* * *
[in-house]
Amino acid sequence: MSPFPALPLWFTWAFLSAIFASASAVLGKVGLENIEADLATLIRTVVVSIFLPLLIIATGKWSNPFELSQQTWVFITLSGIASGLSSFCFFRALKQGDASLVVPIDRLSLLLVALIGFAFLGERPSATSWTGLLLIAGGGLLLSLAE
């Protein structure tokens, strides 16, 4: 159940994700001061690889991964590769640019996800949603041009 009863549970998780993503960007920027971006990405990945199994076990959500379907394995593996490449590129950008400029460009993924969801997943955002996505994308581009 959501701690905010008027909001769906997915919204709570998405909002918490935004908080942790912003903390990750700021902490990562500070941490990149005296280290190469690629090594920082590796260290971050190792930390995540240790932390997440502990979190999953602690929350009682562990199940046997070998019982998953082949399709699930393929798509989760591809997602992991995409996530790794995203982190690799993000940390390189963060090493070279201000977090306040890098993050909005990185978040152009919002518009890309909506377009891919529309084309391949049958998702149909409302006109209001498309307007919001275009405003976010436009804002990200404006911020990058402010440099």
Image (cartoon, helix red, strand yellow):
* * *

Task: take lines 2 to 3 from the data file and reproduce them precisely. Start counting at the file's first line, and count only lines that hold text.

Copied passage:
Amino acid sequence: MSPFPALPLWFTWAFLSAIFASASAVLGKVGLENIEADLATLIRTVVVSIFLPLLIIATGKWSNPFELSQQTWVFITLSGIASGLSSFCFFRALKQGDASLVVPIDRLSLLLVALIGFAFLGERPSATSWTGLLLIAGGGLLLSLAE
């Protein structure tokens, strides 16, 4: 159940994700001061690889991964590769640019996800949603041009 009863549970998780993503960007920027971006990405990945199994076990959500379907394995593996490449590129950008400029460009993924969801997943955002996505994308581009 959501701690905010008027909001769906997915919204709570998405909002918490935004908080942790912003903390990750700021902490990562500070941490990149005296280290190469690629090594920082590796260290971050190792930390995540240790932390997440502990979190999953602690929350009682562990199940046997070998019982998953082949399709699930393929798509989760591809997602992991995409996530790794995203982190690799993000940390390189963060090493070279201000977090306040890098993050909005990185978040152009919002518009890309909506377009891919529309084309391949049958998702149909409302006109209001498309307007919001275009405003976010436009804002990200404006911020990058402010440099």